Revision of HOWTO Specify the Location of External Libraries for use with MinGW from 2009, March 24 - 14:17

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FIXME: Page under construction; little of value here, yet.

I will add to this as time permits; please bear with me. My intent is to offer advice, complementing the information relating to include file search paths, on circumventing the limitations of MinGW's GCC when installing, and subsequently linking with, user added function libraries.


This Mini-HOWTO further develops the theme introduced by the IncludePathHOWTO, progressing to a complementary consideration of where the MinGW implementation of GCC, (or more accurately, of the linker, ld, which is actually a component of the GNU binutils package), searches for object code libraries. In particular, it address the question: "How do I ensure that the MinGW linker will find my object libraries?"

In the case of header files, we observed that the GCC Manual makes a definitive statement, regarding the search path for header files, yet we also noted that this statement is not applicable to the MinGW implementation of GCC. In the case of libraries, the GCC Manual makes a much less definitive statement, which is paradoxically more applicable to the MinGW implementation, regarding the default search path:

-l library
    Search the library named library when linking. (The second alternative
    with the library as a separate argument is only for POSIX compliance and
    is not recommended.)

    It makes a difference where in the command you write this option; the
    linker searches and processes libraries and object files in the order they
    are specified. Thus, `foo.o -lz bar.o' searches library `z' after file foo.o
    but before bar.o. If bar.o refers to functions in `z', those functions may
    not be loaded.

    The linker searches a standard list of directories for the library, which is
    actually a file named liblibrary.a. The linker then uses this file as if it had
    been specified precisely by name.

    The directories searched include several standard system directories plus
    any that you specify with -L.


Note: the second paragraph of the above extract is not strictly relevant to the subject of this Mini-HOWTO; I've chosen not to elide it, because it answers another FAQ: "Why do I get undefined reference errors, when the symbols in question are definitely present in the libraries I've specified with -l options?" -- the usual answer is that the -l options have been placed too early in the command line argument sequence. The remainder, and in particular the final paragraph, are pertinent, vaguely indicating that libraries will be searched for in several standard system directories; these will be identified more explicitly in this Mini-HOWTO.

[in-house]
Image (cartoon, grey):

Re: HOWTO Specify the Location of Libraries for use with MinGW

The LIBRARY_PATH environment variable is used by gcc. This is what the man page says about it:

The value of LIBRARY_PATH is a colon-separated list of directories, much like PATH. When configured as a native compiler, GCC tries the directories thus specified when searching for special linker files, if it can’t find them using GCC_EXEC_PREFIX. Linking using GCC also uses these directories when searching for ordinary libraries for the -l option (but directories specified with -L come first).

Re: HOWTO Specify the Location of Libraries for use with MinGW

keith's picture

Yes indeed. Notice that this is still a work in progress, and LIBRARY_PATH is one of the customisation options, which needs to be mentioned in the text yet to be written. Do note, however, that on MS-Windows it is not a colon-separated list; it needs to be semicolon-separated, with all of its members specified in native MS-Windows format; (however, MSYS users may specify it as a colon-separated list, if all of its members are specified in MSYS' emulated POSIX style, and it will be converted appropriately, but mixed POSIX and MS-Windows styles are unsupported).

A further point to note: the manpage snippet cited is somewhat ambiguous, but it suggests that LIBRARY_PATH is not used if mingw32-gcc is built as a cross-compiler. This feature may be of use only to those running MinGW as a native compiler on MS-Windows; it may have no value, for those of us who run it cross hosted.

Thanks for this comment. The focus of the article is more on setting the system up to avoid dependency on a proliferation of environment variables; however, the comment is pertinent, and a valuable source of additional information, until such time as I cover this aspect within the body text. When I get to that point, I will discard this attached comment thread.

Re: HOWTO Specify the Location of Libraries for use with MinGW

Thank you for explaining in more details that man page paragraph. When reading it, It's indeed easy to miss the fact it's not usable with a cross-compiler!
I was also wondering what the man page refers to with "searching for special linker files". Are these the specs files described in the SpecsFileHOWTO page?

Re: HOWTO Specify the Location of Libraries for use with MinGW

keith's picture

No, the specs files are specific to configuration of the GCC front-end drivers. As I understand it, special linker files would be the linker scripts, referred to in the ld section of the binutils manual.

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